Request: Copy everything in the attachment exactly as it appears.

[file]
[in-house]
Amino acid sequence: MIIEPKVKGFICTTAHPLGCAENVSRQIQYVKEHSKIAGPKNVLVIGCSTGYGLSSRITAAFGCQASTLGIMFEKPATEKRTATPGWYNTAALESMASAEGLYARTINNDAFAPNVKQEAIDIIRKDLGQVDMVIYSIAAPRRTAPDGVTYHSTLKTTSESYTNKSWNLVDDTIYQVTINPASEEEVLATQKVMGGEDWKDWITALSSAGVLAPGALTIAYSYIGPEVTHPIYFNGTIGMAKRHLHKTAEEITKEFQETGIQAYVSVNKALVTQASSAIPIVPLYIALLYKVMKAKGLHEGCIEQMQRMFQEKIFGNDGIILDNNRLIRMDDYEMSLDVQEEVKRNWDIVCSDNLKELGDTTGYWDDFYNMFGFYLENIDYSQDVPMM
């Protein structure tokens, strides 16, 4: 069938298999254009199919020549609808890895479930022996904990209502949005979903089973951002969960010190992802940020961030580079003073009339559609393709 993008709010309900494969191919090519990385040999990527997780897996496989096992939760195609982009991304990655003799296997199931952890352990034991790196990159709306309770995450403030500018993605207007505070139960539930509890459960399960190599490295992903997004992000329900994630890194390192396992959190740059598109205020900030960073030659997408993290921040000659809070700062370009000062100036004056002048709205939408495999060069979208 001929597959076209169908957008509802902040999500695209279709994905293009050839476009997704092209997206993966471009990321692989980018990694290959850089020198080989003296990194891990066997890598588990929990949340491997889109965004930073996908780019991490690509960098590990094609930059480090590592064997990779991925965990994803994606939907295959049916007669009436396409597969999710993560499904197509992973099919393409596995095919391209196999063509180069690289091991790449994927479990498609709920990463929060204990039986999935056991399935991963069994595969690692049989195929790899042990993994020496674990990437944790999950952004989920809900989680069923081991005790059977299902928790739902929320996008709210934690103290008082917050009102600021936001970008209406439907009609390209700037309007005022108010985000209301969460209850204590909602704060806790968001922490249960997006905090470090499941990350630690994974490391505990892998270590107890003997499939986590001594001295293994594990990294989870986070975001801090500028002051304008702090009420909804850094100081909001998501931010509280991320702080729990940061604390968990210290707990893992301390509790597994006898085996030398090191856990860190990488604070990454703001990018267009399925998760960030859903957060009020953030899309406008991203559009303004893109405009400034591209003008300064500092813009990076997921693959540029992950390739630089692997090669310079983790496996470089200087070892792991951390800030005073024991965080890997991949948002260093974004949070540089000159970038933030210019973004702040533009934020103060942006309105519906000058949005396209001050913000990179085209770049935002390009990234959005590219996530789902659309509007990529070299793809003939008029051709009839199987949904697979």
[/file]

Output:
[in-house]
Amino acid sequence: MIIEPKVKGFICTTAHPLGCAENVSRQIQYVKEHSKIAGPKNVLVIGCSTGYGLSSRITAAFGCQASTLGIMFEKPATEKRTATPGWYNTAALESMASAEGLYARTINNDAFAPNVKQEAIDIIRKDLGQVDMVIYSIAAPRRTAPDGVTYHSTLKTTSESYTNKSWNLVDDTIYQVTINPASEEEVLATQKVMGGEDWKDWITALSSAGVLAPGALTIAYSYIGPEVTHPIYFNGTIGMAKRHLHKTAEEITKEFQETGIQAYVSVNKALVTQASSAIPIVPLYIALLYKVMKAKGLHEGCIEQMQRMFQEKIFGNDGIILDNNRLIRMDDYEMSLDVQEEVKRNWDIVCSDNLKELGDTTGYWDDFYNMFGFYLENIDYSQDVPMM
């Protein structure tokens, strides 16, 4: 069938298999254009199919020549609808890895479930022996904990209502949005979903089973951002969960010190992802940020961030580079003073009339559609393709 993008709010309900494969191919090519990385040999990527997780897996496989096992939760195609982009991304990655003799296997199931952890352990034991790196990159709306309770995450403030500018993605207007505070139960539930509890459960399960190599490295992903997004992000329900994630890194390192396992959190740059598109205020900030960073030659997408993290921040000659809070700062370009000062100036004056002048709205939408495999060069979208 001929597959076209169908957008509802902040999500695209279709994905293009050839476009997704092209997206993966471009990321692989980018990694290959850089020198080989003296990194891990066997890598588990929990949340491997889109965004930073996908780019991490690509960098590990094609930059480090590592064997990779991925965990994803994606939907295959049916007669009436396409597969999710993560499904197509992973099919393409596995095919391209196999063509180069690289091991790449994927479990498609709920990463929060204990039986999935056991399935991963069994595969690692049989195929790899042990993994020496674990990437944790999950952004989920809900989680069923081991005790059977299902928790739902929320996008709210934690103290008082917050009102600021936001970008209406439907009609390209700037309007005022108010985000209301969460209850204590909602704060806790968001922490249960997006905090470090499941990350630690994974490391505990892998270590107890003997499939986590001594001295293994594990990294989870986070975001801090500028002051304008702090009420909804850094100081909001998501931010509280991320702080729990940061604390968990210290707990893992301390509790597994006898085996030398090191856990860190990488604070990454703001990018267009399925998760960030859903957060009020953030899309406008991203559009303004893109405009400034591209003008300064500092813009990076997921693959540029992950390739630089692997090669310079983790496996470089200087070892792991951390800030005073024991965080890997991949948002260093974004949070540089000159970038933030210019973004702040533009934020103060942006309105519906000058949005396209001050913000990179085209770049935002390009990234959005590219996530789902659309509007990529070299793809003939008029051709009839199987949904697979």